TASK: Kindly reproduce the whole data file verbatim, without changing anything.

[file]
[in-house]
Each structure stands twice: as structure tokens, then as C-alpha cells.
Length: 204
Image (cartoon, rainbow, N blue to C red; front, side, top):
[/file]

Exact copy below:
[in-house]
Each structure stands twice: as structure tokens, then as C-alpha cells.
Length: 204
Image (cartoon, rainbow, N blue to C red; front, side, top):